Scott Goss


Scott Goss

A champion of Kentish produce, Scott Goss cooks comforting dishes full of familiar, nostalgically British flavours as executive chef of the I'll Be Mother restaurant group.

The Garden of England is probably one of the best places a chef in the making can be born and raised. Kent is known for its fabulous, abundant produce, and it certainly helped shape Scott Goss’ style, ethos and approach to cooking incredible food. ‘I was always surrounded by great ingredients,’ he recalls. ‘Mum was a fruit picker on the farms so I’ve got loads of great memories of running through the orchards in and around Gillingham. There was always a home-cooked meal on the table every evening, and by the time I was fourteen I knew I wanted to be a chef.’

After getting a taste for professional cooking thanks to his uncle, who got him a summer job down in Dartmouth, Scott enrolled at Thanet College. After two years of studying his lecturer pushed him to go for a position at Gary Rhodes’ restaurant City Rhodes, in London. Even though he didn’t feel ready, Scott excelled there and started to develop his career. ‘I worked my way through the kitchen at City Rhodes and Rhodes in the Square, picking up the classical side of cooking and French techniques,’ he says. ‘I then went to work with Anton Adleman at Allium for a year which was an amazing experience – the food was at the same high standard but it was a different style of cooking – before returning to help Gary set up a new restaurant. It was always very challenging but great fun at the same time.’

If there’s one chef that Scott sees as a mentor, it’s Gary, who tragically passed away in November 2019. ‘When you’re working with someone like Gary, you can’t help but be influenced by him,’ he explains. ‘His food looked effortless and simple but it was incredibly difficult to cook. He would never add unnecessary garnishes or smears on plates, which is something that’s obvious in my cooking too. I laughed to myself when I saw the trend for British pub food done to a Michelin standard start to take off, because I was helping Gary do that fifteen years ago!’

After working his way through some of London’s best restaurants, Scott needed a breather. He returned to Kent with the aim of staying for just six months before heading back, but after an introduction to Peter Cornwell, the owner of The Swan in West Malling, he decided to stay put. ‘I worked as chef de partie at The Swan for a few years, just keeping my head down and not doing anything particularly noticeable, but Peter saw something in me and after three years I was made head chef at twenty-five years old,’ he says. ‘I worked there for seven and a half years and we achieved great things – including two AA rosette’s soon after I started – although when the recession hit in 2008 it was very difficult. I was a very young head chef and didn’t really know what was going on to be totally honest – I was just in that kitchen every day cooking my heart out. We were lucky enough to be featured on The F Word’s Christmas special, which was fantastic. It’s true what they say: if you’re on TV look out for the bookings!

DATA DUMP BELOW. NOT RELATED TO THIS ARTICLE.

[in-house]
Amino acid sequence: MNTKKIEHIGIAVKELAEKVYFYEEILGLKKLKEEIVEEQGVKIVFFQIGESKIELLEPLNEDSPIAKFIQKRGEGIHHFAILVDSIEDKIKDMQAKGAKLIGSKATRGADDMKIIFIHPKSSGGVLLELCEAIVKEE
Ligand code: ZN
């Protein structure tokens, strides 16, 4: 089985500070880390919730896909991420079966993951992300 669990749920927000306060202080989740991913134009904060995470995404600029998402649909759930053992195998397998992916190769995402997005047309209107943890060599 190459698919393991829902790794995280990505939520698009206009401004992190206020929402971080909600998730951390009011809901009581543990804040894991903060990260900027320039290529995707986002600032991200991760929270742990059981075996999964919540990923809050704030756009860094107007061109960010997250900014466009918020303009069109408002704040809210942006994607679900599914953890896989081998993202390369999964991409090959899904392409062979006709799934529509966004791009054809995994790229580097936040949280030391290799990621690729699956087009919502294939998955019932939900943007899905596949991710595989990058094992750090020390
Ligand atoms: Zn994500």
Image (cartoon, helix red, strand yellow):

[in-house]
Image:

‘After that I worked at The Swan at The Globe in London for a year, to see if I could take my food and make it work in the capital,’ continues Scott. ‘But by then me and my partner were expecting our first child, so we came back home again. At the same time, Peter was looking to grow and do his own thing away from business partners, so he started the I’ll Be Mother group.’ This was part of a plan to expand the ethos of The Swan to other venues, including among others The Twenty Six – a restaurant with just twenty-six covers and a seasonal, constantly changing menu – and The Beacon, which focuses on ingredients from its kitchen garden. And Peter wanted Scott to be a big part of it.

‘After an emotional move and a stint at Chapel Down while everything was being finalised, we opened The Twenty Six and The Beacon,’ says Scott. ‘Launching two venues in the same year was absolutely crazy, but we’re a year in now and it’s been fantastic. We were even chatting with the guys from Michelin in September, who said some very encouraging things.’

Scott became executive chef at The Twenty Six, in Tunbridge Wells, as well as executive chef at The Beacon and The Swan. This was where his simple yet confident cooking style came to the fore, where the ingredients could speak for themselves. He remained here until the end of 2018, shortly after appearing on Great British Menu, to open a new restaurant in nearby Tonbridge – Verdigris.

‘The question was always niggling me – could I do something on my own?’ he says. ‘There was nowhere in Tonbridge that was offering what we wanted to do, but then you think there might be a bloody good reason for that! Regardless, we gave it a go and I absolutely loved the site – you have the castle overlooking the place and we were right next to the river.’

With a 1920s aesthetic, impressive cocktail bar and a menu full of modern British dishes with plenty of familiar, nostalgic flavours, Verdigris quickly became a reason to visit the Kentish market town. ‘Half of the offering there is the bar – it's not just a restaurant,’ Scott explains. ‘I was super excited about that, and working alongside Jim was fantastic – we’ve known each other for years so working together comes naturally.’

After the coronavirus pandemic devastated the hospitality industry, Scott left Verdigris and returned to the I'll Be Mother group as executive chef, manning the kitchen most days at The Beacon. His signature style of taking familiar ingredients and dishes but elevating them into something refined, interesting, nostalgic and often playful continues to be at the core of everything he does.